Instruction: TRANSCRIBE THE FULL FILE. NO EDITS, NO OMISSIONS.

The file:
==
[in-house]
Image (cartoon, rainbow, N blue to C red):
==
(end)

[in-house]
Image (cartoon, rainbow, N blue to C red):